Hebard's 'ride' from days in Alaska lands her at Final Four
TAMPA, Florida — The Oregon women's basketball team is doing its best to enjoy its first NCAA Final Four experience.
For junior forward Ruthy Hebard, one of the first highlights was being taken for a ride.
"We went on a boat ride and saw some dolphins. I love dolphins, so that was really fun," Hebard said, beaming her smile as she talked about the red-carpet treatment and the demands of Final Four weekend.
"Landing here and getting off the plane to the red carpet was fun," Hebard said. "It's just been cool to be around my team, seeing them happy and laughing."
Not that the Ducks aren't focused on what appears to be a sizable challenge from Baylor. It's just that enjoying the experience is one of the messages coach Kelly Graves had for his team.
And, in addition to battling 6-7 Baylor senior Kalani Brown and 6-4 junior Lauren Cox in Friday's 4 p.m. PT national semifinal, keeping the Ducks loose is one of Hebard's roles.
"I'm one of those people who's going to go with the flow. I'm one of the people on the team whose kind of lighthearted," she said. "I'm just enjoying the experience. I'm trying to get my teammates to enjoy it as well."
Adding to the enjoyment for Hebard is the knowledge that her season looked precarious after hurting her knee in the first half of the Feb. 18 game at Oregon State. Heading into Friday's game, she is as strong as she has been since the injury.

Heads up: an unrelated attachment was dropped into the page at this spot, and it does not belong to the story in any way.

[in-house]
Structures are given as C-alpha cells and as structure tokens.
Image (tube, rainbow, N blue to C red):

"It was a little scary when I tweaked it, of course. But going through it, I was real happy because I could run on it and jump on it, so I knew, okay, it's not that bad," she recalled. "Having teammates and trainiers that believed in me got me back and helped me emotionally."
Hebard believes her battle on Sunday with 6-7 Teaira McCowan of Mississippi State will help come Friday against the bigger Bears.
"I think it's a blessing that we played Mississippi State first and got prepared," Hebard said, "because Baylor has two elite post players. So just being able to take my physicality, take the rebounding and try not to get cheap fouls. That's what I'm taking from the experience."
Hebard arrived at Oregon in fall 2016, a far less recognized recruit than classmate Sabrina Ionescu. Hebard wasn't even certain she was ready to jump from high school ball in Fairbanks, Alaska, into Pac-12 competition.
"She was considering redshirting," Ionescu said. "That is just crazy to think about when you look at her now and how good she is."
Graves said the Ducks will need 40 minutes of "extreme effort" from Hebard on Friday.
"She's got her work cut out for her, whether she's guarding Cox or Brown or whomever inside. They're tremendous players, All-Americans," Graves said.
Hebard will have "to suck it up and do it like she's been doing," he added. "I thought she did a terrific job on Teaira McCowan last week. (Cal's) Kristine Anigwe is in our league; she's had to guard her, too. She'll hopefully get some help from the rest of the team."
But, "in the end, she's going to have to sit down there on that block and try to keep them as far away from the basket as possible."
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